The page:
Stunning views are not hard to find in this state, especially when you're willing to take a little hike.
"It started out as people running through transiently, Native Americans, different hunters and trappers. Then a few people started settling the land for farming. They found out quickly that Groton was probably best at growing trees and rocks," said Barbara MacGregor of Vermont State Parks.
In 1919, the state started purchasing different tracts of land in the forest.
One of those tracks was Owls Head Mountain in the Groton State Forest. To get there, take the 1.5-mile hiking trail from New Discovery State Park. It has an elevation change of just over 200 feet. If you're seeking a shortcut, there's a summer access road off Route 232 that leads nearly to the top.
"It's only a couple tenths of a mile and I know it's probably the go to place for a lot of folks. It's easy for just about everybody and the views are incredible," said MacGregor.
The Civilian Conservation Corps was stationed in Groton Forest from the 1930s until 1942. It was a public relief work program aimed at putting unmarried men to work in rural lands owned by the government. In Vermont, CCC did much of the original trail and stone work that still remains in place.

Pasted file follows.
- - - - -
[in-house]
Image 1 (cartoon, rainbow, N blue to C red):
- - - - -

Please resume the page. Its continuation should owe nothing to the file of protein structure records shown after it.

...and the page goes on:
"The Civilian Conservation Corp did the step work," said MacGregor. "They built the trail up to the summit and the octagon at the summit was used as a fire tower at one point, their stuff was meant to last and were still using it 80 years later."
In the 30s and 40s, the summit was clear cut of trees and one would have a 360-degree view of the forest.
"A lot has changed, the trees have grown up. It's no longer used as a fire tower. That ended in the 40s after World War II," said MacGregor.
But the stunning summit views remain.
"Kettle Pond, Lake Groton, you can see Peacham Bog area. If you look real close you can see East Montpelier and you can also see Spruce Mountain from the top. So it's a lot of bang for your buck hiking up there," said MacGregor. "It is hands down our most popular areas. I would say everyone ends up here."
It's a short hike that's easy to find, the next time you want to get up and out in the Green Mountains.